Under Pressure

Feeling a bit under pressure about where to set tire pressures for a Track Night in America Driven by Tire Rack event?  Have no fear!  With the help of Falken Tires, we will walk you through how to gauge when you have them set correctly, and what steps to take if you don’t!

One of the most common questions we get at a Track Night in America event is about where to set tire pressures. Unfortunately, it isn’t as easy as just recommending one pressure for all.  All the different tires, not to mention the vehicle types and their weights, all play a part in where a particular tire should be set to help it last longer and perform better.

We always suggest starting with the vehicle’s recommended tire pressures, which can usually be found listed either on the car or in the owner’s manual. These cold pressure settings should get you started down the right track. Andy Hollis, a TNiA coach who has done multiple tire tests for Grassroots Motorsports Magazine, says, “The cold pressure settings found on a placard on the driver’s side doorjamb is a good pressure setting to start with, knowing that the tire is typically going to increase in pressure by around 6-8 psi once on track.”  He added, “For front-wheel drive cars, I would add another 3-5 psi above the recommended pressures, however.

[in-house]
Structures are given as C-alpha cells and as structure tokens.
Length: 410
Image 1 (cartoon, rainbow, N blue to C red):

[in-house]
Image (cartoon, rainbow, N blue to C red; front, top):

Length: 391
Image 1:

While that is a great place to start, that doesn’t mean you are finished. When done with your first session, you will want to observe the wear on the tires to see if the pressures are high enough, or still too low.  How do you do this?  Luckily, most tires have a handy visual to help you see if you are getting the appropriate amount of rollover from the tire.  Using the Falken RT615+ we have pictured, you will notice there is a small triangle located at the sidewall transitions to the tire tread. Most tires will have a marker like those found on the RT615K+. But if they don’t, you can always use the line that delineates the sidewall from the tread. These mark the spot where you should see the wear stop.  If the wear goes further down the sidewall, you should add pressure. If it isn’t near the mark, you can begin bleeding pressure out of the tire. But you don’t want to be too hasty to let pressure out.  For this Andy recommends a slow and steady process.

“When you observe the sidewall rollover, you can reduce pressure to bring it closer to the edge. But only reduce pressure one or two PSI at a time,” Hollis said. “You don’t want to let too much out and end up rolling the tire over more than it should be.”

Following these steps should set you up for success, and will help prolong the life of your tires as you head out to experience the thrill of driving on track!  For a deeper dive into tires, and what to inspect between sessions, our friends at Tire Rack put together a great article you can find by clicking this link.  So, sign up, come out, and join us for a great track experience, pressure free!

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